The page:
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Are Multiple ARM Versions of Windows 8 Coming?

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Microsoft plans at least four versions of Windows 8 for ARM processors, but they won’t be able to run “legacy” applications for the x86 versions of Windows, according to published reports. However, the software giant described the statements attributed to an Intel exec as “inaccurate and misleading.”

The news, while not really a surprise, came when an Intel (NASDAQ: INTC) official told several publications, including Bloomberg News, about Microsoft’s (NASDAQ: MSFT) ARM plans during the chip maker’s analyst day on Tuesday at Intel’s Santa Clara, Calif. headquarters.

At the event, Renee James, head of Intel’s software business, reportedly said that Microsoft is planning four versions of Windows 8 that will run on ARM Holdings’ processors, plus one that runs on Intel’s x86 processors. However, since the ARM uses a different chip architecture and instruction set, the ARM versions will not be able to run applications written for the x86 architecture, the reports said.

Microsoft announced in early January at the Consumer Electronics Show (CES)in Las Vegas that it will have versions of Windows 8 that will run on the ARM processors but did not say how many versions there will be.

ARM processors power most of the smartphones in use currently, although Intel has indicated it will come out with low-power versions of its Atom processors — dominant in now waning “netbooks” devices — that will also support Windows 8 for the mobile market.

Last summer, Microsoft disclosed that it had broadened its licensing pact with ARM.

Microsoft is widely seen as an “also-ran” in the mobile device market so far, and it is doing its best to shore up its Windows Phone 7 mobile operating system, which already supports ARM CPUs.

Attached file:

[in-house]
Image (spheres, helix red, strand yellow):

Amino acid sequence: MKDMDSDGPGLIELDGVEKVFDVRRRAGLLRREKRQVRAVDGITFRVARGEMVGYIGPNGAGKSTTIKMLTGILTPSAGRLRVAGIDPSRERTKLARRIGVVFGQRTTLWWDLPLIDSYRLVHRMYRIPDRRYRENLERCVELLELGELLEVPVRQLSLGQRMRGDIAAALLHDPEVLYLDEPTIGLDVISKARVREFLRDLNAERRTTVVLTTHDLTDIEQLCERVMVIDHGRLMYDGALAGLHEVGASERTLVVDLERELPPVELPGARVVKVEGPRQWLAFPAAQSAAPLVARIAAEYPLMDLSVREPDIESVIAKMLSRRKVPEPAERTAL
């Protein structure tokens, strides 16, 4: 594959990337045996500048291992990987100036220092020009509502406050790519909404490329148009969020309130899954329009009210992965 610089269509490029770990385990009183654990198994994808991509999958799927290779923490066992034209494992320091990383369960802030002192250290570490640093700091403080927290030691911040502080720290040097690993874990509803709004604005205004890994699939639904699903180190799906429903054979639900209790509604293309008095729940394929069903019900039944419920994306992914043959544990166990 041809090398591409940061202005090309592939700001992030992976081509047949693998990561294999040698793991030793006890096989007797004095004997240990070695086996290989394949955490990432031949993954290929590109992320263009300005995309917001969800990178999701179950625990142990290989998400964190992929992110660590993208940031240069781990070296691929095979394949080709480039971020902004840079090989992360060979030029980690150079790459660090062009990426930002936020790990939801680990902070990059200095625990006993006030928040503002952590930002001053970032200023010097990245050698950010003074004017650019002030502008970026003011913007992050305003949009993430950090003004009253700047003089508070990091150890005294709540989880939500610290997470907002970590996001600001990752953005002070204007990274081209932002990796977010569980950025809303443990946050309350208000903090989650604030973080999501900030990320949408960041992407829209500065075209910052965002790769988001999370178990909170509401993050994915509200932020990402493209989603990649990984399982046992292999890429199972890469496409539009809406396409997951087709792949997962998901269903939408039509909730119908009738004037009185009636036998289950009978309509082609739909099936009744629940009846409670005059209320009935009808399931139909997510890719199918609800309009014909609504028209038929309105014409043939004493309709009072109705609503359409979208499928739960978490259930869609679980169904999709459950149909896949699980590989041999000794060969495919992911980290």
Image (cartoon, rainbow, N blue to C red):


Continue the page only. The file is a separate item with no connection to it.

The software giant has also been criticized for being late to the tablet computer market, one currently dominated by Apple’s (NASDAQ: AAPL) iPad.

“Intel’s statements during yesterday’s Intel Investor Meeting about Microsoft’s plans for the next version of Windows were factually inaccurate and unfortunately misleading,” a Microsoft spokesperson said in a statement emailed to

“From the first demonstrations of Windows on SoC [system-on-a-chip], we have been clear about our goals and have emphasized that we are at the technology demonstration stage. As such, we have no further details or information at this time.”

Apparently, Microsoft’s took umbrage at the number of versions.

“The ‘4’ number was arbitrary — simply used to help demonstrate a point. Beyond that, we are not commenting further on the statements from yesterday at this time,” an Intel spokesperson said in an email.

Stuart J. Johnston is a contributing editor at, the news service of, the network for technology professionals. Follow him on Twitter @stuartj1000.

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